Uncorking the Past: The Quest for Wine, Beer, and Other Alcoholic Beverages

  • Patrick E. McGovern
University of California Press: 2009. 348 pp. $29.95, £20.95 9780520253797 | ISBN: 978-0-5202-5379-7

Barley, wheat and grapes in the Middle East; rice, millet and hawthorn fruit in China; figs and dates in the Levant; sorghum and palm sap in Africa; maize, cacao, cactus fruit, manioc and pepper-tree fruit in the Americas; and everywhere, honey. All these substrates were used by early humans in their quest for alcohol.


In Uncorking the Past, biomolecular archaeologist and University of Pennsylvania museum director Patrick McGovern argues that the desire for alcohol is innate in humans and other primates. Moreover, he believes that “the uniquely human traits” of self-consciousness, innovation, the arts and religion have been “encouraged by the consumption of an alcoholic beverage”. This is a difficult proposition to prove. In trying to do so, McGovern takes his reader on a world tour, examining the archaeological record for alcohol use across continents and cultures, searching for common themes that are indicative of universal use.

The earliest pottery artefacts with identifiable residues of a fermented beverage — arising from a mixed fermentation of rice, honey and hawthorn fruit — were found in China and date to 7000 BC. Three thousand miles away, in the Zagros mountains in western Iran, pottery dating to 3500 BC has been found with residue of tartaric acid, indicating wine storage, as well as containers with a calcium oxalate 'beerstone' residue from barley beer. In Asia, Europe and the Americas, archaeologists have unearthed buildings that were constructed for the production and storage of various alcoholic beverages. And fermentation vessels and elaborate drinking sets are found in tombs of the rich and powerful across the world. Clearly, alcohol has been a part of human civilization for millennia. But has it played a part in the development of human culture?

McGovern narrates his thoughts in the first person, as if relating them to friends over a drink. He intertwines his own research findings — detailed in his earlier book, Ancient Wine — with those of others, and tells stories of quests to recreate ancient beverages. He describes tasting 'Chateau Jiahu', a modern recreation of the earliest fermentation discovered in China; and the 'Phrygian Grog' he named 'Midas Touch', a fermented beverage based on wine grapes, honey and malted barley. The residues of this were found in bronze containers in the burial chamber of a Phrygian king, perhaps Midas, near present-day Ankara. For a general reader, the blend of fact and personal narrative is enticing, reminiscent of the mixed fermentations practised by our Neolithic ancestors; but some academics, thirsty for footnotes, may wish he had chosen a more traditional form.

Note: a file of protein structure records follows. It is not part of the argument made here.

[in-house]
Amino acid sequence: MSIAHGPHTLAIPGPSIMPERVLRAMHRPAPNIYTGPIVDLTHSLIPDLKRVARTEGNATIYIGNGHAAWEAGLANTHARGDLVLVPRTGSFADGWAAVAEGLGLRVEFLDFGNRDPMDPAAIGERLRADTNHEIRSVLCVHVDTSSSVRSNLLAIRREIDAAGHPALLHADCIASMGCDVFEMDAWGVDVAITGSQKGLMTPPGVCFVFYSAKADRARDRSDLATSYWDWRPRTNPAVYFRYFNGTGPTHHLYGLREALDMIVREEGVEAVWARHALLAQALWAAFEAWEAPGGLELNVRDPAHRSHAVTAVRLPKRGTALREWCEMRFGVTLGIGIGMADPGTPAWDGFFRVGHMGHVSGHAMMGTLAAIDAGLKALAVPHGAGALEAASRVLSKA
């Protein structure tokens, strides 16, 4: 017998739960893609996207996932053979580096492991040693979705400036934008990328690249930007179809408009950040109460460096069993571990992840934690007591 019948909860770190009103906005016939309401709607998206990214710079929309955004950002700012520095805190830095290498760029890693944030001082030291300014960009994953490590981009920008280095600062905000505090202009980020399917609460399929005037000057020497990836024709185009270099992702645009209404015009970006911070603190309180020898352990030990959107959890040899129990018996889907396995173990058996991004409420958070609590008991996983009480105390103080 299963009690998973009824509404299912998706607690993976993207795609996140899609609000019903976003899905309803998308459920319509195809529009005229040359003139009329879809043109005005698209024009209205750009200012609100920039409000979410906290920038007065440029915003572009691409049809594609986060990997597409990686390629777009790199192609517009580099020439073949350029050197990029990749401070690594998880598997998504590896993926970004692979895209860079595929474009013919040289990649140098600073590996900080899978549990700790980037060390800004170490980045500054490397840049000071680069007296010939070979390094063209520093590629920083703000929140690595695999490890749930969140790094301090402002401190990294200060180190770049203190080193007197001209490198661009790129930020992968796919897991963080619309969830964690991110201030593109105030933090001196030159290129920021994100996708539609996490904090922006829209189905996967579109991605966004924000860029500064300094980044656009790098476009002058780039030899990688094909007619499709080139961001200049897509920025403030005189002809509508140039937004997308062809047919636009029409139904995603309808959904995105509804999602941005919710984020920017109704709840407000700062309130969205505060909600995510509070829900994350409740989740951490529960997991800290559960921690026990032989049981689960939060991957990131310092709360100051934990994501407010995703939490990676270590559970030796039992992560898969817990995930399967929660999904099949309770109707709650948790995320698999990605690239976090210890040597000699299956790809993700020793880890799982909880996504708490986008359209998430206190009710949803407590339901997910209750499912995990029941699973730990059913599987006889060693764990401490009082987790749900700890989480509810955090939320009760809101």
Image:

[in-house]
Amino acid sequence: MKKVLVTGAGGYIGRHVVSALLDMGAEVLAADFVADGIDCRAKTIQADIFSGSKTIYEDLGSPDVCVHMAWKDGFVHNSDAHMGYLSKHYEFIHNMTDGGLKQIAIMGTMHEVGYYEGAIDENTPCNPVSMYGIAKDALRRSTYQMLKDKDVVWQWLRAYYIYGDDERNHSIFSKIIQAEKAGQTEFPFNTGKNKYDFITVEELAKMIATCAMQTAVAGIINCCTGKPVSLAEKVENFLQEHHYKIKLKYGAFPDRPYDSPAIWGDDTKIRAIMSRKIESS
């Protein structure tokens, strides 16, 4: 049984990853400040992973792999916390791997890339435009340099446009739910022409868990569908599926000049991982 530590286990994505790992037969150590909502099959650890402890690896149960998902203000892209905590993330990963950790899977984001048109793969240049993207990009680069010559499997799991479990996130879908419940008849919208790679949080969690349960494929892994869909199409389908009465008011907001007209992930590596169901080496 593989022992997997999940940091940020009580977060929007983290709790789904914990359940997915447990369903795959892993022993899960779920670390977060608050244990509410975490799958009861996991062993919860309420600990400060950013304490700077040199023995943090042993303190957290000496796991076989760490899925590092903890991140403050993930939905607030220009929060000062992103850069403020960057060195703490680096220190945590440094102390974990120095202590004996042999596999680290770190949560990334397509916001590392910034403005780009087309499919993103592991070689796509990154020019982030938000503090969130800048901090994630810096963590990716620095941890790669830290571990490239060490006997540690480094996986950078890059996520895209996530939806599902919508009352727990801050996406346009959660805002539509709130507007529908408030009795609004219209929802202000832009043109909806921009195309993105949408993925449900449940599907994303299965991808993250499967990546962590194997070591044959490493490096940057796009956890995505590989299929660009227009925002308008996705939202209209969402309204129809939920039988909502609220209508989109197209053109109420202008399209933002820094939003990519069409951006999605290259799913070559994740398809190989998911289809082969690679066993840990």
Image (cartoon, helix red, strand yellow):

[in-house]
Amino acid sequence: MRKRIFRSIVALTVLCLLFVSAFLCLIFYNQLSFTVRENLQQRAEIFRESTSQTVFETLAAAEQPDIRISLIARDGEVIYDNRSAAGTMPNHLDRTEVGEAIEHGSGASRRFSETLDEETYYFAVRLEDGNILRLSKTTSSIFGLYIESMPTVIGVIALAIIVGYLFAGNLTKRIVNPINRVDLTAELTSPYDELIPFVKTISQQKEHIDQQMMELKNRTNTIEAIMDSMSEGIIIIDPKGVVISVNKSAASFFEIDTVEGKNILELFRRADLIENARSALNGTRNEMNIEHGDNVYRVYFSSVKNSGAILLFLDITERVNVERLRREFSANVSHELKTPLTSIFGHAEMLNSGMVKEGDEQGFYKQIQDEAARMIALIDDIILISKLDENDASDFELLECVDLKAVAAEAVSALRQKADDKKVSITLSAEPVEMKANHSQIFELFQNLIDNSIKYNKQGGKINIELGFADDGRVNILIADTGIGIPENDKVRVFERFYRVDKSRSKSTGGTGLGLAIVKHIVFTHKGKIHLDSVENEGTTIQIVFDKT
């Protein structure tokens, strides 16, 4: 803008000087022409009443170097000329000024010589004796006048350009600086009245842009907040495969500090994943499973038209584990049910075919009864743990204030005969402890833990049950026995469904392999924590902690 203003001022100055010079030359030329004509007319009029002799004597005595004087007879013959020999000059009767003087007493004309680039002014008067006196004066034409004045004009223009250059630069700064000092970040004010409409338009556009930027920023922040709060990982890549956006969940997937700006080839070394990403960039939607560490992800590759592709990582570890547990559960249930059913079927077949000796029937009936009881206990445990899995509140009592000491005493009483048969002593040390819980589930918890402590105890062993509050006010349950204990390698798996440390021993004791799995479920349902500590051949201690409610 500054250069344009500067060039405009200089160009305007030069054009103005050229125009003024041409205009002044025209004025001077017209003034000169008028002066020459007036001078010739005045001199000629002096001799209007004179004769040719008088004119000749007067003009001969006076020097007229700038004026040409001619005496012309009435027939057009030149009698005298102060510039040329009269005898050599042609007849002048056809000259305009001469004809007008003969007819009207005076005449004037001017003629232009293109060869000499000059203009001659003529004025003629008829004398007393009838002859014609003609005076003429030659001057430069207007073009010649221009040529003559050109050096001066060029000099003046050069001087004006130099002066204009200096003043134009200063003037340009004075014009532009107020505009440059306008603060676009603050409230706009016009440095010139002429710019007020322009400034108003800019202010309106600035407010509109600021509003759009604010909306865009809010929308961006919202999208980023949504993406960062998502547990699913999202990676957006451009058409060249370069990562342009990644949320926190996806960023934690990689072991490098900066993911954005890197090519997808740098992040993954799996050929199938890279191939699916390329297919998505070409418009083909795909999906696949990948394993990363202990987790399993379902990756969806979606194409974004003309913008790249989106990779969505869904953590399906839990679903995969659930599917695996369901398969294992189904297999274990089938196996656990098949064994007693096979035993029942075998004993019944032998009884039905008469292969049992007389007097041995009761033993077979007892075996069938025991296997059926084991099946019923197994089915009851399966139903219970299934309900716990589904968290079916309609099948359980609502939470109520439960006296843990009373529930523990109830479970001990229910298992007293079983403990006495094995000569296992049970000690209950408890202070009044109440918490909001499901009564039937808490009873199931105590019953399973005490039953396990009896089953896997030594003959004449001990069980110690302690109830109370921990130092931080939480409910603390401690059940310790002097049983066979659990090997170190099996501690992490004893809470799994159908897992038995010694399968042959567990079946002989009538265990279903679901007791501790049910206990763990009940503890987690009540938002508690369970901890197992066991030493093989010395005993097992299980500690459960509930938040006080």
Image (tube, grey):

McGovern begins by speculating about the role of alcohol in the Palaeolithic period, suggesting that its shamanic use, alongside other drugs, helped to develop religion and art — a proposition that is impossible to test conclusively. Neolithic and early Bronze Age cultures produced pottery and metal vessels, from which residues can be analysed. In most cases, the first fermentations were mixtures of grains, honey and wild fruit. Grains presented a problem to early brewers because the starch in the grains had to be converted to sugar before fermentation could begin. This was solved in various ways in different cultures: the use of enzymes in human saliva to break down starches is still applied in Africa and the Andes; malting and kilning of the grains is another technique, raising the possibility that beer came before bread; and the use of mould is often found in Asian rice-based brews.

Mixed fermentations, starting with higher sugar concentrations and natural yeast derived from honey and fruits, resulted in beverages of higher alcohol content than those based solely on grains. As cultures gained experience, most moved to single fermentations — beer, fruit wines or mead — with one type of beverage gaining dominance. The social importance of these beverages is reflected in the elaborate nature of fermentation vessels and drinking sets found in tombs in Asia, Europe and the Americas. Alcohol's widespread use is attested in paintings on vessels depicting communal sipping of one drink through shared straws, a scene repeated across many cultures.


The most powerful argument for alcohol as a force for innovation and social development is the claim that the initial domestication of many grains was “motivated by a desire to increase alcoholic-beverage production”, rather than to provide more food. However, only one example is explored in the book, namely the suggestion that humans were originally attracted to teosinte grass and maize (corn) because of the fermentable sweet syrup in its stalks, and that our selection of the seed kernels of these plants for food followed only afterwards.

The broader case centres on alcohol's perceived ability to spark creativity in some individuals, encouraging them to progress beyond tradition. In the words of William James: “Sobriety diminishes, discriminates, and says no; drunkenness expands, unites and says yes.” Although that general argument resonates with this reviewer, McGovern doesn't give any specific examples of social advancement through alcohol consumption.

Uncorking the Past doesn't prove McGovern's thesis that alcohol has been a significant force in human development, but it does demonstrate that fermented beverages have been incorporated into the fabric of society for millennia. For some, taking a 'cup of kindness' may be a ticket to altered consciousness; for most, it invites sociability through temporary effects to our limbic system. Both outcomes are sorely needed in today's society.